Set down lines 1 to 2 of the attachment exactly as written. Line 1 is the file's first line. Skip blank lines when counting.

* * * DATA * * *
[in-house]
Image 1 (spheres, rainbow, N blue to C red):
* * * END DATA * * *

[in-house]
Image 1 (spheres, rainbow, N blue to C red):